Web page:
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By looking at a lag plot, it seems that my dataset is random (no autocorrelation whatsoever). Should this be sufficient to infer independence of observations?

As a matter of fact, I know that the observations are dependent and hence randomness should not guarantee that. But intuitively it feels otherwise.

Given that randomness does not determine independence. Is there some statistical measure to test independence of observations?

edit: Please note that the data is not of timeseries nature, it is the average bandwidth usage of a customer across the month.

enter image description here

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  • $\begingroup$ Define what you mean by randomness in this context. $\endgroup$ – Glen_b Mar 20 '14 at 13:36
  • $\begingroup$ By randomness I mean that the variable does not show any autocorrelation. From inspecting lag plots, I find no patterns. $\endgroup$ – tool.ish Mar 20 '14 at 13:41
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    $\begingroup$ I'm not so much worried yet about the fact that doing a lag plot makes no sense. My issue is far more fundamental. Your data are either observed over time (a time series) or they aren't. You have asserted that they aren't a time series. If your data are not "over time" how does one lag them? One would have to move a series by one in a dimension it doesn't even posses! $\endgroup$ – Glen_b Mar 21 '14 at 6:57
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    $\begingroup$ Unless the index represents some meaningful ordering, it's no more to the point than any random set of integers. Does the index represent some relevant kind of ordering? $\endgroup$ – Glen_b Mar 21 '14 at 8:26
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    $\begingroup$ There is no basis for ordering this data that I used for lagging - a random set of integers would be equivalent. Since it is univariate, the only plausible ordering I can think of is a sort on its values - which probably defeats the whole purpose of doing a lag-plot. $\endgroup$ – tool.ish Mar 21 '14 at 9:05
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Randomness is not the same as independence. There may be a small dependency in there but it appears to be lost in the noise. You can try various measures of independence (googleable). Pearson's correlation coefficient is the simplest one and will work best if there is a small linear correlation. But by looking at that, I can tell that you won't find a value that inconsistent with zero but you can still go ahead and try.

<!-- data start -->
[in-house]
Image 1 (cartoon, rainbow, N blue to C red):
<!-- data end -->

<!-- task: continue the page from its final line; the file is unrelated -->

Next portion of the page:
There are other ones such as Brownian Covariance Distance that works for any kind of relation, not just linear, and it is good when you have to blindly check correlation of a large number of pairs of variables (for example in automated financial trading) especially when there is obvious non-linear structure.

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  • $\begingroup$ P.S. This looks like growth rates of companies or something similar like ROE. I've made these plots before and found very little correlation. Past performance is not a good indicator of future return. $\endgroup$ – Dave31415 Mar 20 '14 at 15:15
  • $\begingroup$ I agree with the statement that "Randomness is not the same as independence". By your reference to pearson's coefficient, i'm assuming you are talking about "independence of variables" right? The question is with respect to "independence of observations". $\endgroup$ – tool.ish Mar 21 '14 at 10:08
  • $\begingroup$ You'll have to explain more then. Are you interested in whether the points are clustered? Or is there some other hidden variables that we are not seeing on the plot. Brownian Covariance Distance still might be of interest to you. $\endgroup$ – Dave31415 Mar 21 '14 at 13:38
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there is no one statistical measure of independence, it's impossible to test. the way people go about is to make assumptions about certain aspect of independence and test it. for instance, look at Engle's ARCH test, it tests for heteroscedasticity in time series, i.e. that variance doesn't change.

another example of dependence: $var(y_t)\sim y_{t-1}$, which would be difficult to detect visually in the scatter plot you have shown.

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